Religion Today

Exploring Hope: ‘My cup runneth over’

Psalm 23 is a beautiful piece of ancient Hebrew poetry that countless believers have sung and prayed for generations. Therefore, taking a verse a month, we are walking through this Psalm verse by verse. And today, we find ourselves in verse 5: “Thou preparest a table before me in the presence of mine enemies: thou anointest my head with oil; my cup runneth ...

 
 

St. Cornelius starts vegetable garden

After the previous pandemic year, we cannot imagine a better way to kick off this spring than with a new start, and isn’t that what a vegetable garden is? The promise of new growth, hope, and something better.  Well, we have committed to something better — our vision of a vegetable garden that can feed our brothers and sisters in need. We have drawn on the advice of ...

 

Rabbinic Reflections: Remembering life

To be counter-cultural one must be in conversation with the surrounding culture. Jewish wisdom has often walked a fine line between cultural engagement and rejection, the golden mean being dialogue. The contemporary Jewish holidays that occupy the days and weeks between Passover and Shavuot convey more of rebuttal than a dialogue. The wisdom they express is ...

 

Exploring Hope: Valley of the shadow of death

Psalm 23 is a beautiful piece of ancient Hebrew poetry that countless believers have sung and prayed for generations. Therefore, taking a verse a month, we are walking through this Psalm verse by verse. And today, we find ourselves in verse 4: “Yea, though I walk through the valley of the shadow of death, I will fear no evil: for thou art with me; thy rod and thy ...

 

Rabbinic Reflections: What never ceases

What does God think of us a year later? Setting aside discussions of God’s omniscience for the moment, I truly wonder what the divine perspective is on the experience of humanity this past year. A year ago yesterday, I announced that my school building would close indefinitely with learning pivoting to online. That makes today the start of a year at home, a year of ...

 

Exploring Hope: Paths of righteousness

Psalm 23 is a beautiful piece of ancient Hebrew poetry that countless believers have sung and prayed for generations. Therefore, taking a verse a month, we are walking through this psalm verse by verse. And today, we find ourselves in verse 3: "He restoreth my soul: he leadeth me in the paths of righteousness for his name's sake (Psalms 23:3 KJV)." Now, you may not ...

 

Rabbinic Reflections: ‘All You Need is Love’

The Beatles got it right. Love is a crucial component of our ability to be in the world. “Nothing you can do, but you can learn how to be you in time — It’s easy.” When we are loved, we learn to be ourselves. Lately, though, it seems that we need more love than before to be able to get what we need to be able to be. I am not talking about the romantic love celebrated ...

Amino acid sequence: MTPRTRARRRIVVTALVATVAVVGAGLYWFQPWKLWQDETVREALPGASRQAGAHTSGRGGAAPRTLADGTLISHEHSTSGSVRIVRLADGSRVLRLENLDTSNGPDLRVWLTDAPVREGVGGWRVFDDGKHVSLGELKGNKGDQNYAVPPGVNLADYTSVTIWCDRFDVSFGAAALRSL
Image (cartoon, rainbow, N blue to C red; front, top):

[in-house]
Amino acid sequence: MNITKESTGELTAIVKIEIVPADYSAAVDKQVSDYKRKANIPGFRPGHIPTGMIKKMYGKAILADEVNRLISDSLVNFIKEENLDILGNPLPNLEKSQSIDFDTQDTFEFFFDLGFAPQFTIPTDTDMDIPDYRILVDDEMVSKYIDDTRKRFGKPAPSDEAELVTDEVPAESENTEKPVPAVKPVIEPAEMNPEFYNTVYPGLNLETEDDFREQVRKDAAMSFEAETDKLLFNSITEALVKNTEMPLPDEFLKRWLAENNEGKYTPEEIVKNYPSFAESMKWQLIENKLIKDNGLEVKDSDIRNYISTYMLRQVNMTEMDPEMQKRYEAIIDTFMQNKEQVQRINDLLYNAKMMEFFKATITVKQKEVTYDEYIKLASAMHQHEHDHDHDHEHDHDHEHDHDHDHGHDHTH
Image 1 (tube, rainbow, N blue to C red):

Exploring Hope: Christ leads

Psalm 23 is a beautiful piece of ancient Hebrew poetry that countless believers have sung and prayed for generations. Therefore, taking a verse a month, we are walking through this Psalm verse by verse. And today, we find ourselves in verse 2: “He maketh me to lie down in green pastures: he leadeth me beside the still waters” (Psalms 23:2 KJV). As you read this ...

 

Rabbinic Reflections: Choosing our stories

Of all the stories Jews could tell about themselves, the Exodus from Egypt is the most central. Why not Creation? The Bible and the Gospel of John start there. Or monotheism? Abraham is pretty compelling a progenitor. Moses the lawgiver? He would be a great tragic hero. Or how about the national drama of King David and his dynasty? That kind of story is what most ...

 

Preserving Hope: The Lord is my shepherd

Psalm 23 is a beautiful and glorious piece of ancient Hebrew poetry. Countless people have valued and prayed it throughout human history. But it is still valuable today as well. Therefore, using my monthly column here at Chadds Ford Live, I’m going to walk through this psalm verse by verse over the next six months, Lord willing. So, here’s our first verse today: “The ...

 

Rabbinic Reflections: Private light

It is Chanukah. Since Thursday night, Jews have been lighting candles, increasing the number of candles each night. Many are also continuing the tradition of pirsumay neesa (publicizing the miracle) by lighting chanukiyot (Chanukah menorahs) in public spaces or, like me, by decorating our homes with blue and white lights and other decorations. The pandemic has ...